Last week, I attended the World Travel Market for the first time. It’s an annual travel trade fair, or, according to the PR blurb, it’s “the leading global event for the travel industry.” In a former life, I was a climate change negotiator in the UN, so I thought I had seen my fair share of large numbers of people in one big conference centre. But nothing prepared me for the size of WTM at the ExCel Centre in London. Just short of 50,000 travel trade professionals attended over 4 days and there were 5,000 exhibitors. It’s huge!
I attended on Day 3, to participate in the “Social Travel Market” events. For the first time, WTM recognised the power and potential of social media in the travel and tourism sector. According to the World Travel Market 2011 Industry Report, which was launched at WTM 2011, social media will evolve into the key revenue generating channel for the global travel industry over the next five years at the expense of pay-per-click advertising.
The most interesting session I attended was about the return on investment of paid travel blogging. Andy Jarosz gave an inspiring and frank presentation of how he has made it from professional optometrist to paid travel blogger in the space of a year. His blog is at: http://www.501places.com. Also on the panel were a couple of Andy’s clients; travel companies who pay him to write short posts about their destinations. It was interesting to note, in a room of around 180 people, only a handful were being paid to blog and a another handful were travel company staff actively employing bloggers. I can only assume the other 150+ folks were those not yet getting paid to write or not yet writing online and interested observers.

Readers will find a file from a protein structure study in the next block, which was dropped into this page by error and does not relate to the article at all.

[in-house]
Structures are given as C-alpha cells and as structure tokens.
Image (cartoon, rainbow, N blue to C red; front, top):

Without a doubt, social media – not just sites like Twitter and Facebook, but also the process of creating something that people genuinely want to share – something that could go viral in hours – have a lot to offer the travel industry and customers alike. Many of us already sites such as Trip Advisor to inform our travel decisions; a Facebook page to change a flight booking, or a smartphone app or a blog post as a substitute for an old-fashioned guidebook or a tourist information centre. The question on my mind, however, is how to ensure that an increasingly digital experience remains genuinely social. It is now entirely feasible to plan and book a trip without any human contact. I have even stayed in a hotel without a receptionist! And then we can share our photos online without actually explaining the images to anyone. Are we heading for an era where social media actually makes travel less sociable? For me, the joy of travel is the opportunity to discover places, meet people and then share those experiences – fact-to-face as well as via social media. One of my motivations for this blog is to generate discussion and hopefully a sense of community which can lead to increased human contact; not less of it.
Unfortunately, WTM weren’t listening to their own research with regards to the interest in social media. The Social Media Programme sessions were in a room with a capacity of 90. Fortunately the organisers reacted quickly to the demand for a larger room and doubled the capacity, but it still wasn’t enough. The sessions were all recorded, so I am hoping that the ones I was unable to physically get into will all be posted online.
What do you think? Are social media making travel less sociable?
© Lynn Sheppard